Department of Physical Education, Faculty of Education Sciences, University of Cádiz, Cádiz, Spain.
Association of sedentary time and physical activity with pain, fatigue, and impact of fibromyalgia: the al-Ándalus study
- Published on Dec 8, 2015
Abstract: We examined the association of objectively measured sedentary time (ST) and physical activity (PA) levels with pain, fatigue, and the impact of the disease in women with fibromyalgia. Four hundred and nineteen (mean age ± SD = 51.7 ± 7.6 years old) women with fibromyalgia participated. ST and PA levels (light, moderate, and moderate-to-vigorous [MVPA]) were measured with triaxial accelerometry. We assessed experimental pain with algometry and clinical pain, fatigue, and impact of fibromyalgia with a number of questionnaires. The association of ST and light PA with most of the pain- and fatigue-related outcomes and impact of fibromyalgia (all, P ≤ 0.019) was independent of moderate and vigorous PA. Furthermore, the association of vigorous PA with general and physical fatigue was independent of ST and light and moderate PA (all, P < 0.001). In conclusion, lower levels of ST or higher levels of light PA are associated with lower pain, fatigue, and the overall impact of the disease independent of moderate and vigorous PA in women with fibromyalgia. Interestingly, higher vigorous PA is independently associated with lower general and physical fatigue. These results are significant for future ST and PA intervention studies in this population.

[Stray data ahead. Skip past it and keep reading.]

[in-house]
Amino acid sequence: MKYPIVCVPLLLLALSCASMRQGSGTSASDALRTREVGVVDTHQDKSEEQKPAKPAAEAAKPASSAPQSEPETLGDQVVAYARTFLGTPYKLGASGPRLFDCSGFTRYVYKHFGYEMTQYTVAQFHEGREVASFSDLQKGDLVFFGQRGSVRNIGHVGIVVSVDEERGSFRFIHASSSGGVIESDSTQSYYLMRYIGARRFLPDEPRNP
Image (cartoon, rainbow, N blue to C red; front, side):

© 2015 John Wiley & Sons A/S. Published by John Wiley & Sons Ltd.
- Segura-Jiménez V 1,2
- Borges-Cosic M 2
- Soriano-Maldonado A 2
- Estévez-López F 2,3
- Álvarez-Gallardo IC 2
- Herrador-Colmenero M 4
- Delgado-Fernández M 2
- Ruiz JR 4
Department of Physical Education and Sport, Faculty of Sport Sciences, University of Granada, Granada, Spain.
Department of Clinical and Health Psychology, Faculty of Social and Behavioural Sciences, Utrecht University, Utrecht, The Netherlands.
PROFITH "PROmoting FITness and Health through physical activity" Research Group, Department of Physical Education and Sport, Faculty of Sport Sciences, University of Granada, Granada, Spain.
Scandinavian Journal of Medicine & Science in Sports